6 Best Gardening Gloves For Protection Against Thorns, Splinters & Nettles! (2021 Review)

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In this guide we’ll take a look at the best gardening gloves to protect your hands.
I’ve compared material quality, comfort, design and cost
to give you my top recommendations.

What are the Best Gardening Gloves?

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Comparing The Best Gardening Gloves

Use the dropdown to sort the table by the feature that's most important to you.

  • Best For
  • Material
  • Waterproof
  • Reinforced Fingertips
  • Cost
  • Our score

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In-Depth Reviews of Our Recommended Gardening Gloves

Exemplary Gardens Unisex Leather Gardening GlovesExemplary Gardens Unisex Leather Gardening Gloves

Best unisex gardening gloves

Value for Money

Exemplary Gardens Unisex Leather Gardening Gloves Review


  • Material: Spandex, Leather
  • Waterproof: No
  • Reinforced Fingertips: No

Wearing warm gardening gloves in the summer can be an uncomfortable experience, especially on particularly muggy or hot days.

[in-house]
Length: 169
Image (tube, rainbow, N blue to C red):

If you’re after a pair that are light and comfortable for when the temperatures surpass 20°c, these Exemplary Gardens Unisex Leather Gardening Gloves are both cool and supple.

They come in a range of sizes with a breathable spandex back and protective goatskin leather palms. They’re not bulky or stiff, unlike some gardening gloves of yesteryear (anyone else remember trying on their parent’s gardening gloves and barely being able to make a fist?), so dexterity isn’t reduced despite the extra layer.

As a result of this snug fit, they can feel a little tight if you don’t get the size right. Therefore, it’s a good idea to take an accurate palm measurement and check it with Exemplary Gardens’ sizing chart to make sure the size is correct before making a purchase.

There’s also an XS size available which can be quite hard to find in gardening gloves sometimes, making these one of the best choices for gardeners with petite hands too. The gloves are secured with Velcro, so they don’t slip off, and are suitable for both men and women.

In terms of performance, they’re suited to light gardening tasks as opposed to anything too demanding – they should protect from stinging nettles but aren’t thorn resistant. The fingertips aren’t reinforced either, so we’re talking about gloves that are good for pulling weeds but aren’t suited to more intense jobs.

A final thing worth noting is the colour – the white colour marks easily in contact with dirt. However, really this is to be expected with most gardening gloves – it just depends if the off-white appearance will grate on you.

All in all, these are a good pair of lightweight gardening gloves that will keep your hands cool yet protected when doing light summer jobs outside.